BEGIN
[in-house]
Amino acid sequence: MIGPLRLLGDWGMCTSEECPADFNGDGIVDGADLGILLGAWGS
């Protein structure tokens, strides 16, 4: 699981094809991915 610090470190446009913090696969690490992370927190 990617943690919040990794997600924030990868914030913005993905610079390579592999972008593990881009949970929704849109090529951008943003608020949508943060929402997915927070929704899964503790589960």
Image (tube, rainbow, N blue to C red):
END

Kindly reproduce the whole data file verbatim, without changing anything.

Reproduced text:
[in-house]
Amino acid sequence: MIGPLRLLGDWGMCTSEECPADFNGDGIVDGADLGILLGAWGS
């Protein structure tokens, strides 16, 4: 699981094809991915 610090470190446009913090696969690490992370927190 990617943690919040990794997600924030990868914030913005993905610079390579592999972008593990881009949970929704849109090529951008943003608020949508943060929402997915927070929704899964503790589960």
Image (tube, rainbow, N blue to C red):